Natalie Goldberg’s Writing Down the Bones has got to be one of the best books for writers on the market. In it, writing is used as a meditation as much as a creative process, something creative, circular, organic. Gone are the rules and regulations from school day writing assignments, the margin enforcements, the different line usage requirements based mostly on instructor preferences. Instead, a focus on nonstop writing, and frequent writing, without judgment, are the focus.
Each short chapter is so easy to read. Goldberg, a teacher, provides personal anectodes and tips—such as calling a friend and making a date to read each other’s writings if you’re not writing, that way you will have to have something done—that can benefit any writer. She also gives lots of very simple yet creative tasks to complete that make you think, “I never thought of doing that!” Each one has very surprising results.
Written in 1986, the book is introduced with Goldberg admitting that she has little computer experience at the time. This may feel like a charming notation in today’s world, but it does not render the text any less relevant. On the contrary, its advice is timeless and useful for any generation.
As much as I tried to make it last—like Julia Cameron’s Artist Way series—it’s such a quick read that you end up devouring it all very quickly on your first read. That’s alright—Goldberg herself says that a first read-through is fine if that’s what the reader wants to do. However, she does recommend using a pen during reading as it’s book about writing, not reading!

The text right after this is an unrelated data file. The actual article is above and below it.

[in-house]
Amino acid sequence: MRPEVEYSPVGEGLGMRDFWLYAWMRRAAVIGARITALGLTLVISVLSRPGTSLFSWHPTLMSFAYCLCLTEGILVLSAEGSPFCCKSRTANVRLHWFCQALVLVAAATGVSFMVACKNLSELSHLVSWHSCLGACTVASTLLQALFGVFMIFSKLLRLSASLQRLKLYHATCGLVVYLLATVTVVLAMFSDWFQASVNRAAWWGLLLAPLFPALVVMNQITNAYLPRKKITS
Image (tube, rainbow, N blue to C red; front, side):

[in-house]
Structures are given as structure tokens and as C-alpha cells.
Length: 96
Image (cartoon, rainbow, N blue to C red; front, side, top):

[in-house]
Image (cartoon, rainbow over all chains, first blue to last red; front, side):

The first time I wrote my daily morning pages—which I’ve been doing, more off than on, since starting The Artist’s Way and its subsequent books—after diving into Writing Down the Bones, I shocked myself by how I immediately followed Goldberg’s advice. Completely ignoring punctuation, page lines and margins, I wrote faster than I’d probably ever written (aside from timed, in-class essays, I suppose), and even had quite a large epiphany by the time I was finished in the third of the time it usually takes for me to do my morning pages! I’m not saying this will happen for everyone, but it was quite an amazing experience.
I have had many great writing teachers in my life; I’ve also had a couple that really stank. Any of them would have done the whole class a service by having this book included in the curriculum as required reading. Sure, it’s Zen-based and might be considered a little New-Agey—but all in all, it’s about the importance of writing every day—and not well, just often—and how doing that can not only make you a better writer, but can also help you get past writing blocks, insecurities, and even the clutter that junks up so many writers’ minds and prevents them from creating. This would be particularly helpful for college writers, I think, as I remember having such mental angst during those times; what a gift it would have been to have had this simple, sage advice to follow!
Like Goldberg suggests, I’ve purchased a handful of cheap notebooks—she goes against what most instructors have told me about having gorgeous journals to hold our thoughts—since they’re on sale right now. She says she fills one a month, and while I’m almost doing this already with my morning pages, I plan on doing the very same thing. Cheap notebooks, she argues, are much easier to write in; beautiful books may intimidate you, making you feel like their pages must contain perfect writing, which is not the point at all.
If you’re a writer of poetry, novels, legal documents or even grocery lists, you could probably benefit from this book.